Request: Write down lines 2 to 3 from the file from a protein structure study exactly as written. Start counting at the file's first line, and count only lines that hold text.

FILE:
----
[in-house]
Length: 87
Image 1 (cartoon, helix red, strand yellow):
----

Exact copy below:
Length: 87
Image 1 (cartoon, helix red, strand yellow):